This is an excerpt from A Tapestry of Witches: A History of the Craft in America, Volume II, from the mid-1970s to the mid-1980s. Please note that the book will contain many footnotes.
Lady Pythia provides an interesting example of the fact that many covens who reinvented the Craft for themselves were accepted as valid by Witches of other Traditions. She wrote to me:
My mundane name is Mary Elizabeth Witt. I was born in 1952. As a member of a Sodality, I wore a circlet with a white dress as we carried a much larger circlet up to a statue of Mary as Goddess, singing: “Oh Mary, we crown you with flowers today, Queen of the Angels, Queen of the May” The only crucifixes were the small ones next to the clocks in the classrooms. The front of the Cathedral was a huge mosaic of Mary. All the while, with no conflict, I called myself a Witch, as I had since age 5. “Witch” was my nickname in Catholic grade school and high school. The first books I got out of the library at age 5 were about witches, and by age 13 I’d read every occult book in the adult library too. Because of a repeated past-life dream which lasted until the onset of my Moons at age 12, I knew we were not evil, and that lighting fires on hilltops was involved. (There are more ‘recovered’ Catholics in the Midwest than I’ve ever met elsewhere. In fact, it is not uncommon to meet former RC priests and nuns, some of whom, in addition to being married to each other, are also Witches. There is one such couple in the diocese where I grew up.)
In order to clarify Pythia’s initiatory lineage, it will be useful to review the history of the Temple of the Pagan Way. After Robert and Donna Cole Schultz received their Gardnerian initiations from Madge Worthington and Arthur Edmonds in England in 1969, they returned to Chicago and founded the Coven of the Standing Stones. Donna soon teamed up with Herman Enderle, Richard and Janelle Clark, and others to found the Temple of the Pagan Way, using primarily Ed Fitch’s “Outer Court Book of Shadows” as their guidebook. She also then helped form the “Witches’ Inner Circle’ of the Temple,” which functioned as the first coven of what would come to be called the Pagan Way Tradition. Richard and Janelle then hived off in 1970 to found the Calumet Pagan Temple, and Stanley Modrzyk hived off the latter to found the First Temple of the Craft of W.I.C.A. in 1972, with Brenda Harmon, who had been High Priestess of the Witches’ Inner Circle, as his High Priestess. Pythia wrote:
The acronym W.I.C.A. was short for “Witches International Craft Association,”so called because of the numerous overseas as well as national Seekers and Craft folk with which Stan had connections and helped in those earliest years of Witchcraft in the ’70s. (It is also how many Gardnerians spell the Gardnerian Craft.) Stan had long been an activist Witch. His occult store, Sanctus Spiritus, was the first occult store in the U.S. to be in a mall; he and Brenda dealt with tremendous persecution and literal violence from conservative Christians before and after being “out of the Broom Closet Witches,” who did public info Craft work in many Chicago newspaper articles in the 70s.
I co-founded the Coven of the Floating Spiral with Peregrine and Thaelia in 1975, and self-initiated in 1976 at Imbolc. (I humbly and joyously handfasted Thaelia and Peregrine on Beltane/Eve, 1979. Some 30 years afterwards, Thaelia and Peregrine handfasted our coven’s ‘Jem’ and her new husband!) Although we are not Traditional Gardnerians, we are Traditional Witches and can trace our origin back to Donna Cole Schultz. We were doing in the 70s and 80s, pretty much on our own at the beginning, exactly what the NROOGD was doing in California and what Raymond Buckland had foreseen in the 1960s about the Craft growing and covens forming on their own before any contact with Gardnerian Craft—and we were doing it before even much contact with Witches in Cleveland,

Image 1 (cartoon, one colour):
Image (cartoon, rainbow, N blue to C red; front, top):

My first-degree initiation did come from the first Pagan Way coven, but it was after my coven had been together for years already, functioning quite effectively as Traditional Eclectic. My lineage was passed to me in August 1979 from the Lady through Brenda Harmon and Stanley Modrzyk.
I had been writing to Brenda and Stan for at least a year, including lengthy descriptions of our coven’s workings, before I met them in person and spent days with them at the Pan Pagan Festival in 1978. They told me that we came to them as already a practiced coven, that our rites, about which I had shared more than enough with them over two years, were so very close to core Craft circles that it was obvious we already were what we were and were doing what Witches elsewhere were doing. Hence, they said, my initiation and elevation were just to manifest on this plane what had already been occurring on the Planes Above. Learning in circle “by doing,” as we did, was traditional Craft practice.
Soon after Pythia’s initiation, Brenda and Stan parted, and Stan married Dorothy Sholeen, who remained High Priestess of The First Temple of the Craft thereafter, with Stan as her High Priest. Dorothy was a Third-Degree Gardnerian High Priestess, having been elevated by Bonnie K.L., who had been elevated by Donna Cole Schultz. However, when Dorothy and Stan got together, she did not bring him into the Gardnerian Tradition; instead, they built up their own rites, refining the materials of the First Temple of the Craft of W.I.C.A.
As I was teaching English at University for the next few years, I was unable to sync with their schedules for my elevations until 1983, when they elevated me to High Priestess. By that time my Coven had been in existence for almost 8 years (although we didn’t call it that formally until 1976 or so); we often had more than 13 active members, including a Council of Elders.
In 1985 Lady Pythia co-founded the Ohio Local Council of the Covenant of the Goddess, as was mentioned in an earlier blog..